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Getty Images' new AI-powered image generator eliminates some problems with AI-generated images but fails to address others.
Getty on Sept. 25 revealed that it has partnered with AI hardware and software vendor Nvidia to launch Generative AI by Getty Images. The AI-powered image generator is trained on Edify models in Nvidia Picasso and uses only images from Getty's library. Getty customers creating and downloading visuals with the tool will receive a royalty-free license.
Getty also assured customers that images created with the tool will not be added to the Getty or iStock libraries. Contributors will also be compensated for any work on training the tool.
The new AI image tool comes seven months after Getty sued Stability AI for allegedly using the images in Getty's system to train Stability AI's Stable Diffusion tool.
"It looks like they have taken Stability to task," said Michael Bennett, director of education curriculum and business lead for responsible AI at Northeastern University. "They've learned not only the lesson that's evident in that lawsuit -- that they need to check the set of images the AI companies use to train their AI image generators -- but [also] … that they could get into the same game."
This is Getty's way of protecting its market while taking advantage of new generative AI developments, Forrester Research analyst William McKeon-White added.
"It is a good way for Getty to reassert IP ownership and leverage their existing libraries," he said.
The benefit for artists and businesses
For artists and businesses who don't yet feel comfortable with the current state of AI-generated images, this may be the best they can expect, Bennet added.
Michael BennettDirector of education curriculum, business lead for responsible AI, Northeastern University
"There will always be folks who feel that any kind of commercialization of your work, especially if it's a corporatization strategy, is unfounded and unfair and indefensible," he said. "For those who were comfortable having Getty act as their representative and license their work to commercial fashion … this new system ought to make them feel much better."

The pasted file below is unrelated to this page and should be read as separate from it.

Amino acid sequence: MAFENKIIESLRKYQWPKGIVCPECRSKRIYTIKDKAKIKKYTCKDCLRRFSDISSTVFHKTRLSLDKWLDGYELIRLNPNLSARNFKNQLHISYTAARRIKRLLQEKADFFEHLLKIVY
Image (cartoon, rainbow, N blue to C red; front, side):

For some businesses, Bennett said, this removes potential worries about using copyrighted material and makes it less costly should they decide to eliminate some artists within their company.
For Getty, it needs a partnership with Nvidia because of the computing power the AI vendor can provide and because there's no conflict of interest between the two companies.
"A partnership with Nvidia, as many are doing, is smart -- to work with a company on the leading edge where financial incentives are also aligned," McKeon-White said. "Nvidia isn't interested in encroaching into Getty's market and vice versa. I couldn't say the same for all other providers."
The other ethical question
Despite this benefit for Nvidia, Getty, and even some artists and businesses, Bennett said an ethical question still exists.
"It does not remove the potentially larger threats of generative AI systems encroaching on what had been the exclusive workspace of human artists," he said.
While this move from Getty seemingly eliminates some copyright problems and other problems that could arise for businesses, for artists, this is just a new way of treading on their profession.
"There's still the ethics problem and the labor problem that you're contributing to -- building this AI, this generative AI system that's going to replace artists in the short- and the long-term," Bennett said.
Another challenge for Getty is meeting the various needs of users using this tool, McKeon-White said. Those needs include having different ways of changing image outputs as well as ensuring there's no bias in the system and that Getty continues to update its data.
Esther Ajao is a TechTarget Editorial news writer covering artificial intelligence software and systems.